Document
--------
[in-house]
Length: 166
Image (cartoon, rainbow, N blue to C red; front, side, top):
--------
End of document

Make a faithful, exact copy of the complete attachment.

[in-house]
Length: 166
Image (cartoon, rainbow, N blue to C red; front, side, top):